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Business Club speaker lives in Indiana for job in California

Always stay open to opportunities — even if it means keeping a job in California while moving home to Indiana, ULonda Sainz told Southwestern Michigan College Business Club Nov. 2. “If you’re unsure about what you want to do in life,” Sainz said, “don’t shut yourself off to opportunities you may not see coming. Be inquisitive. When we look to hire, it’s people driven to make a difference in their position. They don’t say, ‘That’s not my job.’ Hard work yields results. My career shows me that.”

Sainz, a 16-year Jack in the Box veteran, gave a glimpse behind the scenes, from how she “works remote” from Goshen to tacos outselling burgers and havoc Hurricane Harvey wreaked on Houston’s 260 restaurants.

“We had employees stuck for two to three days,” she said. “Then Irma hit Qdoba on the East Coast.”

“I’m very familiar with this area,” said Sainz, who grew up ULonda Troyer in Middlebury, attending Northridge High School.

“I had preconceived ideas of what my career would look like,” said Sainz, who grew up on a dairy farm with three brothers and a sister.

“Work ethic was drilled into me,” she said. “Graduating from high school, my intention was to teach math and coach. I was an athlete throughout high school. By the end of my first year of college, I was not so sure that’s where I fit.

“A friend of mine and I drove across country and ended up in San Diego. The trajectory of my career changed. Math teacher and coach was not where it was headed. Looking back, the progression of my career stems from choices. In high school, I took accounting, typing and shorthand, which allowed me to take my first job in California as a receptionist,” Sainz said.

Her accounting background shifted her to accounts receivable within a few months and transitioned to another company in a year and a half.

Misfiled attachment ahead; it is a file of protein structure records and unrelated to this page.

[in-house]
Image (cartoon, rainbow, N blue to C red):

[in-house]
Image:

“A husband and wife owned the copier/fax business,” she said. “Eleven years later I was the operations manager, managing 30-35 people. I could sell you a fax machine, set it up for you and train your staff. I gained the total experience because I asked questions. Some people fall short and don’t take initiative (by saying), ‘It’s not my job.’ Whenever someone came to me, I always said, ‘I don’t know, let me find out.’ Choosing to go find answers expanded my understanding and enabled me to walk into Jack in the Box,” whose headquarters sat across the street from her employer.

Jack in the Box Inc., based in San Diego, is a restaurant company founded in 1951 that operates and franchises one of the nation's largest hamburger chains, with more than 2,200 restaurants in 21 states.

Guam and Hawaii restaurants serve Spam, southern outlets sold grits.

Additionally, through a wholly-owned subsidiary, the company operates and franchises Qdoba Mexican Eats, a leader in fast-casual dining, with approximately 700 restaurants in 47 states, the District of Columbia and Canada.

Sainz started supervising the distribution accounting group, which meant a substantial pay cut.

“Jack in the Box started out manufacturing hamburger patties,” she said. “We were a self-distributed fast-food company. We owned all of our distribution centers and assets such as trucks. It was a business I was not familiar with, but opened doors. After a year they offered me a position reporting on our corporate food costs, which was kind of a big deal because of exposure to upper leadership. Reporting I did is what we reported to Wall Street.”

Sainz also delved into enhancing the old mainframe system working with the information technology staff.

Commuting three to four hours a day from north of San Diego, when she became pregnant seemed time to return to northern Indiana.

“I was their first employee to work from home.” What was meant to be temporary has continued for 13 years due to her attitude.

“I made sure they never felt the three-hour time difference,” even if it meant being on the phone during her kids’ baseball games. “They don’t feel the distance because I’m always accessible,” said Sainz, who helped move Jack’s supply chain off the mainframe to Oracle.

That two-year project meant more frequent trips to San Diego.

“A year later we outsourced distribution” and Sainz added tracking contract compliance for five distribution companies, 27 distribution centers across the United States and Canada and the two brands’ more than 3,000 stores.

“I have been promoted twice while remote,” said Sainz, who oversees a staff of five. “With video conferencing, it’s easy to have dialogue in a meeting setting, I’m just on a screen. I travel, to North Carolina, Portland, Denver, you name it, and San Diego once a month.”